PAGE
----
I took a Scripture class, which I would not have taken previously, and I reluctantly agreed to teach a ninth-grade catechism class. When I showed up for the class for the first day, I thought, “What shall I teach?” So, I taught what I knew, Friedman’s Singularity Equation and its implications for the creation of the universe. I put the equation on the board, and for the first time, the kids started taking notes. Afterward, the smallest kid in the class came up to me and asked, “Mr. Spitzer, are you going to be our catechism teacher for the rest of the year?” The words came out of my mouth, “Yes, I am.”
The Holy Spirit was at work in me. He said, “Go ahead.” The kids really liked me. I couldn’t say no to them, looking up to me with longing eyes.
About this time, a girl talked me into going on an Ignatian retreat with Jesuit Father Gerard Steckler. I was not a retreat kind of guy, but I went, and the Holy Spirit really pounded on me. When I finished it, one thing came to my mind: my religion, my faith was the most important thing in my life.
I thought maybe I should become a priest. However, I had been planning to take over my father’s law firm, marrying a nice girl, and having children. That was my ideal for a good life. My religion would have been there; we would be a good Catholic family. But being a priest-professor seemed to be a far better choice.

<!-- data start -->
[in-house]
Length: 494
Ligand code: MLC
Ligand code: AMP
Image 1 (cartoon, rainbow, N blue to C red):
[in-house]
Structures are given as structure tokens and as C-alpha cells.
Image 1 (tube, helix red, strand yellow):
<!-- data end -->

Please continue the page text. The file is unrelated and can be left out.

I shared my thoughts with my mom, and she suggested I blend the two by becoming a permanent deacon. I said, “Mom, you’re brilliant.” But, I was still going to daily Mass, and one day as I was leaving the church, I saw a booklet, “On Being a Priest.” Half of me said don’t pick up that booklet, the other half said do. I did, looked through it, and thought, “I don’t want to be a deacon, I want to be a priest.”
I read the autobiography of St. Ignatius of Loyola, and thought, “I like this guy!” I applied with the Jesuits, and never looked back.
CWR: How has losing your eyesight affected you?
Fr. Spitzer: It has been a hard cross to accept. Initially, it was a surprise, one which caused me worry and fear. I thought my scholarly career would be smashed and that my priesthood would be over. I discovered that I would slowly lose my sight over the course of my lifetime just six months before my ordination to the diaconate. I went to my provincial and said, “Tom, I am damaged goods.” He replied, “Bob, what spirit have you been listening to?”